Rapist gang boss Christy Griffin to return to Dublin city on release, defying threats to life
Rapist mob boss Christy Griffin will be out of prison in a matter of weeks, and the Herald has learned that he plans to remain in the capital despite continuing threats to his life.
Gardai have not yet formally warned paedophile Griffin (48) of an active threat, nor have they drawn up any special policing plan for the gangster's planned mid-April release from the Midlands Prison.
However, sources said this is expected to change.
Sources said that, despite making a major settlement with the Criminal Assets Bureau (CAB) in 2009, Griffin will still have access to hundreds of thousands of euro thanks to a major property portfolio, including houses abroad.
They also said he owns a lucrative "front shop" in the north inner city.
From 1993 to 2001, Griffin bought several properties and amassed hundreds of thousands of euro, which he kept in various bank accounts and not all of it was seized.
"Griffin will have access to lots of cash, make no mistake about that. The feeling is that he's definitely going to stay in Dublin," a source said.
"This rapist's imminent release is not what the north inner city needs now, as the area has been destroyed with the Hutch-Kinahan feud already.
"It is not known what side, if any, he will take in that gang war."
In 2011, Griffin had his life sentence for the rape of his partner's daughter reduced to 15 years, meaning he will be back on the streets of the capital in less than a month.
His brave victim, who gave crucial evidence in the course of two trials in 2006 and 2007, had been regularly sexually abused by Griffin from the age of eight until she was 16.
Griffin's vile actions led to a bitter feud in the north inner city, where once-loyal associates turned against each other and took sides with and against him in a dispute that went on to claim five lives.
One of the five men killed was Griffin's close associate Anthony 'Anto' Russell (30), who was shot dead in a pub in Artane in April 2008.
Sources said this murder could well have major repercussions when Griffin is released.
It has emerged that the gangster could go to war with reckless Ballymun criminal Derek 'Bottler' Devoy's associates, because he blames his crew and his slain brother 'Mad Mickey' Devoy for sourcing the guns used in Russell's murder.
"It would be a very serious and dangerous scenario indeed if Griffin and Bottler Devoy's associates went head-to-head, but this could easily happen," a source said.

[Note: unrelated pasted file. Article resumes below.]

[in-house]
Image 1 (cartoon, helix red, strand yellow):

"For very different reasons they're among the most hated men in the organised crime scene, and an active feud between them could lead to serious bloodshed."
Compounding fears of a feud between the two factions is the fact that a very close, long-time associate of Griffin is suspected of being involved in the double murder that saw Devoy's sister Antoinette Corbally and equally innocent man Clinton Shannon shot dead last August.
Bottler was the intended target.
However, Griffin has numerous other gang enemies, and sources have warned that he faces being murdered if he remains in Ireland.
As part of the previous north inner city feud, Griffin's home in Swords was sprayed with gunfire in 2005 and a grenade was thrown at the property in 2006.
One major gangster who is unlikely to get involved in attacks on Griffin is the Coolock-based drugs trafficker known as 'Mr Big'.
The Herald can reveal he is linked to two young up-and-coming north inner city criminals who have a very close association with Griffin.
Since being sent to the Midlands Prison after his rape conviction in April 2007, Griffin has been mainly under a special protection regime.
When he was originally sentenced to life in jail, there had already been two tit-for-tat gun murders linked to the bitter feud, which began when Griffin was charged with a litany of sexual offences.
It was in this dangerously toxic atmosphere that he was convicted.
Handing him a life sentence that was later overturned, the late Mr Justice Paul Carney - who was himself placed under armed garda protection for the duration of the trial - delivered a scathing judgment on the pervert to a hushed courtroom.
He described Griffin's previous record as "horrendous" and said the sentence had to "take in- to account the age of the victim" and the "gravity of the offences".
While violence raged on the streets of the north inner city, much of it perpetrated by Griffin's mob, the gangster lived a relatively stable life during his time in jail.
In 2011 he was subjected to a savage assault in the recreational area of the Midlands Prison, which was not feud-related.
Last September, Griffin had his jailhouse privileges withdrawn after he was caught with a contraband mobile phone in his cell and was moved to a different wing.